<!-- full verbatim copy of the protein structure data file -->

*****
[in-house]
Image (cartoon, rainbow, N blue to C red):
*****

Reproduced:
[in-house]
Image (cartoon, rainbow, N blue to C red):